No More Lives Erased: Young Women United’s Call to End Violence

March 8, 2011

Young Women United (YWU) is a Third Wave grant partner organization working to end violence against women with a two-fold campaign: calling attention to the deaths of young women in their community in New Mexico, and holding the media and public officials accountable for the ways these women's lives and power are erased, even in death. In the wake of the mass shooting at Rep. Gabrielle Gifford's town hall in Arizona, YWU's director Adriann Barboa shares a powerful remembrance and vision for "an America to be as good as these women needed it to be:"

Two years ago today, in a story that shook me to my core, a woman walking her dog found a femur in the desert. She alerted the police, who began a three-month dig, covering a vast area of the mesa near my home. The police found the bodies of 11 women, one of whom was four months pregnant. Many of the women were close to my age and grew up here like me. Were brown like me. Had struggled here, like me. But when these women were found dead, President Obama did not come to town. There was no jam-packed memorial to mourn their lives cut short. What we had instead were devastated families whose greatest fear had been realized when their daughters' remains were discovered on the mesa. As the story unfolded, terrible sounds echoed in my ears. Not the sounds of shovels in the desert, but the sound of these lives being erased. Not only through death, but through the official description of the events. The women were not brave heroes who faced histories of poverty, abuse and trauma with the best tools they could find. They were “addicts.” And because they used drugs, many earned money the best way they could—by selling sex. And so they were “prostitutes.” The authorities thought the story could begin and end there: bodies found, case closed. 11 more prostitutes dead. Done.
Read the rest of Adriann's call on Young Women United's website and learn how to support their campaign to end violence and strengthen young women's power.

Posted in: Actions, Anti-Violence, Blog, Community, Media, Young Women United

Nov 20th, 2010 / Sistas On The Rise Mic-a-Thon

November 16, 2010

Saturday, November 20th, 2010, 11am-12pm Location: 835 Dawson St (store front) Bronx, NY 10459 2/5 train to prospect ave or 6 train to longwood On November 20th, Sistas on the Rise, a long standing nonprofit organization dedicated to providing resources for parenting teens in the highest district of teen pregnancy in New York, will be joining forces with 50 performing artists throughout New York for the biggest Mic-a-thon to hit the Northeast- THE *SHOW YOUR LOVE MIC-A-THON*. SISTAS ON THE RISE houses the legendary SOUL*SWEET SANCTUARY, an Open Mic where we all embrace our creative selves and honor our ancestors. Normally an afterhours affair, Soul Sweet Santurary will be hosting a 12 HOURS of performances- 11AM TO 12AM, filled with food, fiyah, and revolution. All day access tickets are $20, and include food. Group Rates/Sponsorship/Program Journal Packages Starting At $60. For more information, contact Leslie Grant at sistasontherise@hotmail.com or call 718.991.6003 Purchase a ticket from an artist in support of YOUNG MOTHERS, MUSIC, AND HIP HOP!

Posted in: Events, Grant Partners

On Mama’s Day, Recognizing Young Mothers & Strong Families

May 4, 2011

(Video by Strong Families, a project of Asian Communities for Reproductive Justice and in collaboration with reproductive justice organizations around the US) Today at The Frisky, Adriann Barboa (director of Young Women United) offers a smart take on how we can support young parents in our communities:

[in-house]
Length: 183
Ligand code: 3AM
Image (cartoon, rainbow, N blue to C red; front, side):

When I see the dismal statistics and negative images our communities are bombarded with, I wonder how many of the negative outcomes are caused not by the age of the parents, but by the stigma heaped on them and the isolation that results? We all know there is nothing inherently wrong with giving birth at 18. Humans have been doing it throughout time; President Barack Obama’s mom did it, every 30-year-old I know has a mother who was “young” by today’s standards. In a generation, the “proper” age to become a parent has changed. Economic security sure helps in raising kids. Having a partner does too. But 40 percent of babies in the US are born to mothers who are not married, and their ages range across the board. The Great Recession has taught us many things, including that we can’t count on financial security at any age. Maybe instead of a National Day to Prevent Teen Pregnancy, with statistics and images that demonize young parents, we could have a National Day to Support Young Parents? We could have a day when service providers, teachers, ministers, and the media celebrate all of the great achievements by young parents and their kids. We could enjoy a day when we are honored for all we have taken on, and all that we have succeeded in doing, when the folks around us ask us how they can best support us, instead of telling us what we should have done differently.
Supporting young people's decisions to parent is a critical piece of ensuring reproductive freedom. In recognition and in celebration of Mother's Day, the National Latina Institute for Reproductive Health (NLIRH) launched their campaign What's the Real Problem?. "We’ve been challenging the stigmatizing narratives that paint young mothers as irresponsible, hopeless, and drains on the state," writes Verónica Bayetti Flores, senior policy analyst at NLIRH. "Young women who choose to become mothers continue to be human, and deserve as much opportunity to lead fulfilling lives as women who delay their pregnancies or choose not to parent at all.

Posted in: Community, NLIRH, Reproductive Justice, Young Women United

Part of the solution: youth engaged in sex work & the sex trade

September 17, 2010

Third Wave Foundation supports the work of young people to make powerful change in their communities.